Saturday, February 21, 2009

Teacher, It Is Good For Us To Be Here!

Today’s First Reading:

What is faith?

Faith is being sure of what we hope for, and certain of what we cannot see. It is by faith that we understand that the universe was formed at God’s command. It is by faith that Abel offered to God a sacrifice more pleasing than his brother Cain’s was. It was by faith that Noah, after being warned about what was about to happen, built an ark to save his family. By trusting God he inherited the righteousness that comes from faith. (Hebrews 11:1-7)

Today’s gospel:

Six days later, Jesus took Peter, James and John with him to the summit of a high mountain. There, he was transfigured in their sight. His clothes became dazzling white, whiter than any bleach could make them. Then Elijah and Moses appeared, conversing with Jesus.

Peter then said to Jesus, “Teacher, it is good for us to be here! Let us put up three shelters, one for you, one for Moses, and one for Elijah.” He really didn’t know what to say, because he and the others were terrified.

Then a cloud appeared, and overshadowed them, and from the cloud there came a voice: “This is my Son, whom I love. Listen to him!”

Suddenly, when they looked around, they no longer saw anyone but Jesus.

As they were coming down the mountain, Jesus gave them orders not to tell anyone what they had seen, until after the Son of Man had risen from the dead. So they kept the matter to themselves, questioning what “rising from the dead” meant.

Then they asked Jesus, “Why do the scribes and teachers of the law say that Elijah must come before the Messiah comes?

Jesus answered: “Elijah will indeed come first, and set things in order. Then, why is it written that the Son of Man must suffer greatly, and be treated with contempt? Yet, I tell you that Elijah has already come, and they did to him whatever they pleased, just as it was written about him.”

Sisters and brothers, the First Reading today reminds us that there are spiritual realities that we cannot fully understand, and we have to “take them on faith.” Mark’s source for his gospel was his mentor, Saint Peter, and there is something in this reading that suggests that it was a genuine experience. Mark writes, “He really did not know what to say, because he and the others were terrified.”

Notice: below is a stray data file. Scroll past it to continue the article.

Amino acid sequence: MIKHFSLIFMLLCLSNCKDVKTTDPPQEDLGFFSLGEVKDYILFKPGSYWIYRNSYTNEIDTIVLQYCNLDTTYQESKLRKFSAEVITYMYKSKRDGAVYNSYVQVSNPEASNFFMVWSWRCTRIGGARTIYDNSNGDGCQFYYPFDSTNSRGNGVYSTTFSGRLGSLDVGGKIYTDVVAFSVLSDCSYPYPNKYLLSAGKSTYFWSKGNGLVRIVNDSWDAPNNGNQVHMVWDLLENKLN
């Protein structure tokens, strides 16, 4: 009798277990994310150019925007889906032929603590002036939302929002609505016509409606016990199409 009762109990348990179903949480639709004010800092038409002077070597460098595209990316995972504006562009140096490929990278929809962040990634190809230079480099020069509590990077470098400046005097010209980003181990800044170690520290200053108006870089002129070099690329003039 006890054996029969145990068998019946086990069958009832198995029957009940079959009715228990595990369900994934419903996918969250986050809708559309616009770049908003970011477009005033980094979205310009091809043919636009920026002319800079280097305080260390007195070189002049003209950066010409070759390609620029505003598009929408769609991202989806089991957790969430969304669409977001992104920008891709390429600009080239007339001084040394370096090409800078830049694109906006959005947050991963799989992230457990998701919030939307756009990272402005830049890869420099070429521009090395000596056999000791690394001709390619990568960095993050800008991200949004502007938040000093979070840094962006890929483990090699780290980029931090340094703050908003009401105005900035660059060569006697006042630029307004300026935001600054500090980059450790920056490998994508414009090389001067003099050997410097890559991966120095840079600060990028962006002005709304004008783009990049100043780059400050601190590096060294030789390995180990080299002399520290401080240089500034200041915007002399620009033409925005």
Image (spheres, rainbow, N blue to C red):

Even in our own experience, there are events that put our memories and our mental capacity to the test. It is not easy to describe events that occurred early in our own life. “Did that really happen? Did I just imagine it? Am I remembering it as it happened? “In life, memory, imagination, and symbolic representations of truths beyond our ken all come together. What we remember may be “enlightened” by what we wish had happened. Or, in other cases, it may be “darkened” by imagining that what occurred was worse that it actually was.

In what category do we put what Peter told Mark about what happened on the Mount of Transfiguration? The first element in answering that question is the fact that it comes directly, in Mark’s gospel, after the readings of yesterday and the day before. Those readings were questions about the identity of Jesus. Today’s reading is the answer: He is “the Father’s Son, the Beloved.”

We are in the presence of a great mystery, and mere words are inadequate to express it. Peter was overwhelmed with awe, and wished that the experience would never end. He suggested the building of three shelters to house the Lawgiver, the Prophet and the Messiah.

But this is merely a foretaste of the reality yet to come. Peter, James and John will first experience the Agony in the Garden. Peter will deny Jesus in Pilate’s Courtyard. James will flee. Only John will be there at the foot of the Cross of Jesus with Mary, His Mother. And eventually, they will see him rise into the heavens from another mountain top, where they will receive their mission to “Go out to all the nations and preach the good news.”

Saint Peter Damien, whose feast is celebrated today, reminds us of the effects of the Transfiguration in us:
Something is still needed before we can complete the payment of our debt, and deserve admission to the treasure-house of the eternal King. You ask what this is: the answer presents itself to me at once: obedience, love, joy, peace, patience and the other virtues. But I wish to put it more simply, so that it may stay more firmly in your mind. The words of the Apostle remind us: We bear in our bodies the death of the Lord Jesus”, so that eventually, we might share in his resurrection.” The human mind can never be utterly empty, but must be concerned always with some sort of love. Best it be surrounded completely by the wall of virtue, so that we might be carried beyond our surroundings, and above ourselves.” In brief, that we might be transfigured by our love for Christ, just as He was transfigured on the mountain, in the presence of his beloved disciples.

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